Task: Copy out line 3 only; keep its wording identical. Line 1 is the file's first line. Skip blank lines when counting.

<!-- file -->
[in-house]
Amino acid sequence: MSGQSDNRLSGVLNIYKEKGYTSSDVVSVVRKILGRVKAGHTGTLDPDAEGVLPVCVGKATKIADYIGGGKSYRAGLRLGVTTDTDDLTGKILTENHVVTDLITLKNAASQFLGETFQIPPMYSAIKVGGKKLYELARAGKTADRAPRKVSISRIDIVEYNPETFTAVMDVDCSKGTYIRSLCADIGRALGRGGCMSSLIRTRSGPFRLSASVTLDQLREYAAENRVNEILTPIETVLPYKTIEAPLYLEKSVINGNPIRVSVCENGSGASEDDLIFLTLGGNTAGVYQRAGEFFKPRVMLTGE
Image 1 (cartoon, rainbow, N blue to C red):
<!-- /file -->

Image 1 (cartoon, rainbow, N blue to C red):